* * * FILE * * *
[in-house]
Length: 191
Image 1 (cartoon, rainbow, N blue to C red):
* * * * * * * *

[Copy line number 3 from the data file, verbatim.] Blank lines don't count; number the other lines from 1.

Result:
Image 1 (cartoon, rainbow, N blue to C red):